Alpha Centauri (also known as Rigil Kentaurus – ‘Foot of the Centaur’) is unique in our sky. Just as Sirius is the brightest star in the sky, Alpha Centauri is the closest. If you had a spaceship that could travel at the speed of light (300,000 km per second), it would take you over 4 years to reach Alpha Centauri. 4.362 years to be exact. We describe that distance as 4.362 light years (or 1.34 parsec), which is about 280,000 times the distance from Earth to our Sun (an AU – Astronomical Unit.)
It’s also the third brightest star in the sky, after Sirius and Canopus. Its apparent brightness is -0.27 mag.
But its fascination in the small telescope is that it is actually two stars, both very similar in size and colour to our Sun. They call that a ‘binary star.’ They rotate around each other like dancing partners, only one rotation takes 80 years so it’s a slow dance. The distance between them varies from nearly that between Pluto and the Sun (35.6 AU) to that between Saturn and the Sun (11.2 AU).
But wait…there’s more. Alpha Centauri is actually a triple star system, with the third star orbiting around the other two. This star, named Proxima Centauri was discovered in 1915 by the Scottish astronomer Robert Innes. You need a very powerful telescope to see it as it’s a red dwarf, one of the smallest, dullest stars in the sky. It takes about 1 million years to orbit the other two, and at present it is about one tenth of a light year closer to Earth, at 4.23 light years. That makes it the closest star to our Sun (remember that for your next trivia night.) The separation of Proxima from its binary sisters is 13,000 astronomical units (0.21 ly) equivalent to about 430 times the size of Neptune's orbit. An Earth-sized exoplanet in the habitable zone of Proxima Centauri, Proxima Centauri B was discovered in 2016.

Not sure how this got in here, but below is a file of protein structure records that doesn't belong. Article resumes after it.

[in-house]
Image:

So really, when we talk about Alpha Centauri, we mean the binary pair. And it’s up there now, in the south along with the Southern Cross.
Beanies, Caps, Mugs, Polo Shirts, Pens and Jackets are in stock or can be ordered for you through email@example.com
NEW- Red Light LED Torches are in stock $10.00 exc. batteries.
Image by Noel Sharpe Image by Dave Manning
LOAN A TELESCOPE - CAMDEN COUNCIL
During November 2015, Camden Council Library Services launched their Telescope loan service to library members. Instigated by the library and supported by MAS, they now have four 8" Dobsonians and four ED80 refractors on loan. An ideal first step for families and individuals to 'try before you buy'. The project is a great success.
Contact MAS if you need asistance.
We still have McDob, our 6" Dobsonian, and. If you would like to borrow it please let a committee member know. We also have a a Celestron AstroMaster 130 Newtonian reflector on a manual drive equatorial mount.
Latest addition is a Meade ETX125, with GOTO. Will be available once we have completed repairs. Thanks to Greg Bradford for checking it out and compiling a manual.
MAS acknowledges Western Sydney University's generosity in permitting us the use of its facilities to hold MAS events such as the Macarthur Astronomy Forum and the Campbelltown Rotary Observatory for public viewing nights.